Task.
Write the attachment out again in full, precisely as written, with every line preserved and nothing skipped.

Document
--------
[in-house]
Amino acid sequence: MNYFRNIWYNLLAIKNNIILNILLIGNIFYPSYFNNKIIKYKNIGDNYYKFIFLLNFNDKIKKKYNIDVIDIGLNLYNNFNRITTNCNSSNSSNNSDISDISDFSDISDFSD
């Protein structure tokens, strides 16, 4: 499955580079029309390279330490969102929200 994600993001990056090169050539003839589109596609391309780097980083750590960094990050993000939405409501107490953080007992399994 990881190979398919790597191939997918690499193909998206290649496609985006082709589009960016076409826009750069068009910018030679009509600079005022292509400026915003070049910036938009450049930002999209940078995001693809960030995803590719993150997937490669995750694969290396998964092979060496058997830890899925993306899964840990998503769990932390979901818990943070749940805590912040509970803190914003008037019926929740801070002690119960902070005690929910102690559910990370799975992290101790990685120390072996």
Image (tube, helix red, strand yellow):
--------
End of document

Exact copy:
[in-house]
Amino acid sequence: MNYFRNIWYNLLAIKNNIILNILLIGNIFYPSYFNNKIIKYKNIGDNYYKFIFLLNFNDKIKKKYNIDVIDIGLNLYNNFNRITTNCNSSNSSNNSDISDISDFSDISDFSD
């Protein structure tokens, strides 16, 4: 499955580079029309390279330490969102929200 994600993001990056090169050539003839589109596609391309780097980083750590960094990050993000939405409501107490953080007992399994 990881190979398919790597191939997918690499193909998206290649496609985006082709589009960016076409826009750069068009910018030679009509600079005022292509400026915003070049910036938009450049930002999209940078995001693809960030995803590719993150997937490669995750694969290396998964092979060496058997830890899925993306899964840990998503769990932390979901818990943070749940805590912040509970803190914003008037019926929740801070002690119960902070005690929910102690559910990370799975992290101790990685120390072996």
Image (tube, helix red, strand yellow):